This chapter questions the suggestion that has already been made of a spiritual convergence between George Herbert and St. François de Sales. The elimination of turbulence and urgency from the inner life certainly was a goal for St. François, but it was certainly not consistently or predominantly so for the George Herbert of the lyrics. But what of the “sweetness” connection? They both saw the religious life as providing pleasure, including in the Eucharist, or Holy Communion. But this does not mean that their Eucharistic theologies were identical, a consideration that must enter the comparison. There is a great deal more “affliction” in the religious life as Herbert presents it than as St. François does – which almost certainly derives from “doctrine,” from differing theological pictures of the postlapsarian human self. St. François, following the Catholic and especially Teresian mystical tradition, does not want to distinguish sharply between physical and spiritual “sweetness.” Herbert is clear on the distinction, though willing to use the analogy. Herbert’s deliberately contentious view and poetry contrasts with the staidness of much of what he reacted against in continental thinking. Close analysis of these texts indicates that, contrary to much recent criticism, doctrine matters, shaping the tenor and substance of life.

in Edward and George Herbert in the European Republic of Letters

George Herbert (1593–1633), the celebrated devotional poet, and his brother Lord Herbert of Cherbury (1583–1648), often described as the father of English deism, are rarely considered together. This collection explores connections between the full range of the brothers’ writings and activities, despite the apparent differences both in what they wrote and in how they lived their lives. More specifically, the volume demonstrates that despite these differences, each conceived of their extended republic of letters as militating against a violent and exclusive catholicity; theirs was a communion in which contention (or disputation) served to develop more dynamic forms of comprehensiveness. Contributors break new ground in manuscript and translation studies (French, Italian, and Latin). The literary, philosophical, and musical production of the Herbert brothers appears here in its full European context, connected as they were with the Sidney clan and its own investment in international Protestantism. The disciplinary boundaries between poetry, philosophy, politics, and theology in modern universities in no way reflect the deep interconnectedness of these pursuits in the seventeenth century. Crossing disciplinary and territorial borders, contributors discuss a variety of texts and media, including poetry, musical practices, autobiography, letters, council literature, orations, philosophy, history, and nascent religious anthropology, all serving as agents of the circulation and construction of transregionally inspired and collective responses to human conflict and violence. We see as never before the profound connections, face-to-face as well as textual, linking early modern British literary culture with the continent.

Cristina Malcolmson

This chapter carries the discussion about love and community into the realm of the private and secular life. It discusses a work seldom broached, Edward Herbert’s unfinished play The Amazon, written as he was also completing De Veritate during his terms as English ambassador to France, 1619–21 and 1622–4. While in France, Herbert was frequently the guest of the Dukes of Montmorency, a family of Catholic moderates sometimes referred to pejoratively as “politiques” by the parti dévot, or ultra-Catholics. Edward Herbert argued against the dogma of institutionalized religion in his philosophical work De Veritate and for divorce in his unfinished play The Amazon. This essay analyzes the final “Song” in The Amazon as linking human affection with the “natural instinct” of De Veritate, a spiritual power that, for Herbert, moves both animals and humans, provides the basis for credible knowledge, and legitimizes divorce (on the grounds that too often marriage is antithetical to love).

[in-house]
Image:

in Edward and George Herbert in the European Republic of Letters
Sean H. McDowell

Edward Herbert considered himself a member of a European community of plain speakers, a community that values a conversational style, itself the vehicle for an understanding of what a social community is meant to do and the philosophical ideals it is to sustain. Many members of Edward Herbert’s English and French coterie found in the rhetorical writings of the Belgian humanist Justus Lipsius welcome permission to depart from an overly wrought discourse in favor of a more gallantly honest style. A key work here was Lipsius’s Epistolica Institutio, published in 1591. Style was a means of signaling one’s identity to the world; but more than that, it fostered a way of being in the world. The ideal of fellowship is linked to a self-conceived cosmopolitan directness and truthfulness.

in Edward and George Herbert in the European Republic of Letters
Guillaume Coatalen

This chapter examines unexplored parallels between three French Protestant poets and George Herbert, noting signs of shared rhetorical and spiritual strategies of internal struggle. John Donne’s Sonnet XIV, “Batter my heart, three person’d God,” bears clear resemblances to Grévin’s third sonnet in the second part of the Gélodacrye. George Herbert, too, may have been influenced by some of Grévin’s sonnets, particularly when one considers the common coteries within which the Herberts and Donne moved. Close parallels in language and syntax between Herbert’s poems and poems by popular French Protestant poets of the time strongly imply influence. In all four poets, lively and contentious forms of communion are predicated on the radical inequality between the poet and God, answered by an adoptive call and look designed to transform and transport the poet and reader. Close parallels of insistent repetition, vehementia, and ternary correspondence are among the rhetorical similarities explored in detail.

in Edward and George Herbert in the European Republic of Letters
Kristine A. Wolberg and Lynnette St. George

Comparing Herbert’s inspiration and focus in The Country Parson with that of John Calvin’s Commentaries to the Pastoral Epistles makes Herbert’s purposes, concerns, and focus clearer. He is concerned with far more than mere outward marks of religious devotion. The pastor’s construction of an outward and visible manifestation of inward states for the edification of others need not be disingenuous or insincere. The pastor struggles in communion with God in order to avoid the contempt, and cultivate the faith, of others. It is only by linking George Herbert’s writing to continental thought and theology that we can fully understand his pastoral prospects for a comprehensive Church that sustains the needs of all its members (regardless of their social belonging) at a local level as well as universally.

in Edward and George Herbert in the European Republic of Letters